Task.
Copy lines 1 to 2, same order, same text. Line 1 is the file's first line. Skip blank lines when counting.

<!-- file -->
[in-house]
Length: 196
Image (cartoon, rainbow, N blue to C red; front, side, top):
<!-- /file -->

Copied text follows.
[in-house]
Length: 196